The dies on the coin presses for circulation-quality coins are oriented horizontally. The circulation-quality coins are struck at high speed, up to 750 coins per minute, and are produced on blanks that receive no special treatment before striking, with dies that receive no special treatment.

From 2000 to 2004, the Sacagawea dollars and remaining coins in the Uncirculated Mint sets from those years are of a slightly better quality than circulation strikes. The U.S. Mint introduced a Satin Finish on Uncirculated Mint set coins in 2005. The blanks for the Satin Finish coins are burnished with steel pellets before striking.

Goodacre, Cheerios and space

Two of the coins necessary for a complete set are much more expensive than typical examples of the other coins. Each has an interesting history.

In 2000, sculptor Goodacre requested that the U.S. Mint pay her the $5,000 compensation she was to receive for the Sacagawea obverse design with 5,000 Sacagawea dollars.

U.S. Mint officials complied with the request, but went one step further, creating an instant and highly sought after rarity.

All of the 5,000 coins she received were specially burnished and treated with an antioxidant by the U.S. Mint. The coins were eventually all certified, graded and identified on the enclosed grading insert as "Goodacre Presentation" pieces by Independent Coin Grading Service.

Goodacre retained an undisclosed number of the encapsulated coins for herself and her family. The remainder were sold into the marketplace, the initial offering of pieces being peddled for $200 each at the American Numismatic Association World's Fair of Money in Philadelphia in 2000.

The special pieces continue to bring higher prices than typical examples of the "regular" coins in the set. A Mint State 68 Goodacre Presentation Sacagawea dollar was sold at auction by Heritage Numismatic Auctions in September 2008 for $1,006.25.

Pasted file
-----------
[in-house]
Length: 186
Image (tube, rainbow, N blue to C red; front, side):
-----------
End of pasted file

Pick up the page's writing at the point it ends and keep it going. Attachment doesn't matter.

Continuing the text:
The most expensive coin in the set (a coin that now brings five-figure prices at auction) was distributed randomly in a cereal promotion, and its special status was not recognized until years after the pieces were released.

As part of a campaign to promote the use of the Sacagawea dollar in commerce, the U.S. Mint partnered with General Mills to distribute 5,500 of the 2000-P Sacagawea dollars, randomly placed inside boxes of Cheerios cereal of various flavors. Although dated 2000-P, these coins were struck in 1999.

What was not immediately recognized, or at least confirmed, was that the 5,500 coins were struck with a reverse die produced from a different hub than that used for the regular issue Sacagawea dollars.

The differences between the two hubs are subtle, affecting only the tail feathers of the eagle, and could be easily overlooked.

The central line of the tail feather shaft is raised on the Sacagawea dollars found in the Cheerios packages, but recessed on coins struck from circulation. The tail feathers on the Cheerios dollars also have more detail than the tail feathers on the other coins struck. The changes to the design were deliberate to make the tail feathers more realistic.

All later Sacagawea dollars were struck from dies bearing a recessed central line on the shaft of the tail feather. Even the 2000-P Sacagawea dollars paid to recipients of vouchers also found inside some Cheerios boxes, for 100 Sacagawea dollars, were coins bearing the regular reverse.

There is no way to know how many of the Cheerios dollars were spent or may be sitting in someone's dresser drawer, with an owner unaware of owning something special and potentially valuable.

It may behoove those who still have an example housed in its cellophanelike wrapper affixed to cardboard backing to consider getting their coins certified.

How special are they? At the 2008 ANA World's Fair of Money, Heritage sold at auction a Cheerios Sacagawea dollar graded MS-68 by Professional Coin Grading Service and a PCGS MS-66 red 2000-(P) Lincoln cent also pulled from a Cheerios box. Offered as a single lot, the pair realized $34,500.

The same die, or another die produced from the same hub, as used for the 5,500 dollar coins was also the version used for striking the reverse for the dozen Proof 2000-W Sacagawea 22-karat gold dollars that were placed aboard the space shuttle Columbia during its July 23, 1999, space mission.

One's collection of Sacagawea dollars should be considered complete despite the lack of a gold example, since these pieces were never issued.